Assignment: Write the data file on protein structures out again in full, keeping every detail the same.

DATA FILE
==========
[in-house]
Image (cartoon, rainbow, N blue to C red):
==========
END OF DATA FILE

[in-house]
Image (cartoon, rainbow, N blue to C red):